“And it’s run for the roses
As fast as you can
Your fate is delivered
Your moment’s at hand
It’s the chance of a lifetime
In a lifetime of chance
And it’s high time you joined
In the dance
It’s high time you joined
In the dance.”
-“Run for the Roses,” written & performed by Dan Fogelberg
For any horseracing fan, a visit to Churchill Downs is a must. On the first Saturday in May for the past 147 years, three-year-old thoroughbreds have taken to the legendary track for the Kentucky Derby and tried to capture horseracing’s first of the Triple Crown races (The Preakness in Maryland and The Belmont in New York follow). At the time of my visit, a horse named Justify will win not just the Derby but all three, earning himself a place in a very exclusive club.
General admission includes a 30-minute walking tour and access to all the museum features. I choose to tack on the Barn and Backside Van Tour for an additional fee.
Patrons get their blood pumping for the excitement of the Kentucky Derby right from the start by viewing “The Greatest Race,” an 18-minute film played on a 360-degree, 4K high-resolution theater. The museum has exhibits on every aspect of the Derby – artifacts from past horses and jockeys; a closer look at the fancy hats and attire worn by attendees; the path from foal to entrant; and much more. There’s an also an opportunity to ride a mechanical horse in a simulation game, and the ability to view any of the past races on a screen.
All the Triple Crown winners – from Sir Barton in 1919 to Justify almost exactly 100 years later – receive royal treatment with more in-depth profiles. Prominent trainers and owners, horses who fell just short of the Triple Crown at the Belmont, and other notable figures are all given a spot in the limelight. And the museum features a touching tribute to Winning Colors (1988) and the two fillies before her, Genuine Risk (1980) and Regret (1915), to wear the roses.
On the tours we learn all sorts of fascinating facts: the track is 75% sand, 23% silt, and 2% clay; the Derby is preceded by a two-week festival all over the city; locals call the Thursday before the Derby “Thurby”; the board in the center of the track is the size of three NBA courts and some 100-120 thousand spectators fill the infield alone; the number 10 slot is the winningest position, while number 17 is scarily unlucky (no horse starting from that slot has ever won); and Donerail is the biggest long-shot victory in Derby history, having won in 1913 with 91:1 odds (meaning for a $2 bet, you walk away with $182 – adjusted for inflation, that’s $4,682 today).
Churchill Downs contains 47 racing stables and has a holding cell for drunks. From March through November, 700 workers live full-time in about 250 dorms. There’s 1,400 total stalls, in which horses spend up to 22 hours a day. It has a chapel, too, though services are held on Monday since Sunday is a race day. One building is marked “Press Center,” but that is only the case one day a year. The other 364 days, it is simply a rec hall.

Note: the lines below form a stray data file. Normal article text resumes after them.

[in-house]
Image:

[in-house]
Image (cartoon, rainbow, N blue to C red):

The “Sport of Kings” does not attract the patronage and attention of the major sports, but Derby Weekend is truly an event that brings premium customers and prices. At the time of my tour, I’m informed that a lot of hotels’ prices are 10 times on Derby weekend versus the cost for most of the year, and most hotels require four-night stay minimum.
Then there’s the mint julep. This bourbon-based cocktail became associated with Derby in the 1930s, and you can have one in a collectible glass. For a Derby glass, it will cost you $14. To have it in a silver cup, you need to cough up $1,000. For twice that amount, you can have it in a gold cup.
In 1875, about 10,000 people attended the Derby; when Justify ran, an audience of more than 157,000 witnessed the event. It has become as much of a cultural event as it has merely a sporting event.
The tours are filled with fun facts, but it is more memorable to be surrounded by something that carries such an aura and a history. To walk the same path the horses do from the paddock to the track is a little bit of a surreal experience: to imagine the electricity of the crowd as the jockeys’ dreams of running in the Derby come to fruition, the anticipation building with each step of a hoof closer to the oval where legends have been born.
When I have seen everything, I sit down at the Derby Café. The Pulled Southern Bar-B-Que is savory and the service impeccable. A visit to the Gift Shop caps my fantastic time at the Kentucky Derby Museum. For horseracing fans, it’s a do-this-before-you-die pilgrimage. For everyone else, it’s an insightful look into a sport that has weathered wars, increasingly high demands for our attention, and even the coronavirus. The museum shows just how much a fixture the Kentucky Derby is in American sports, and what it means to Kentucky.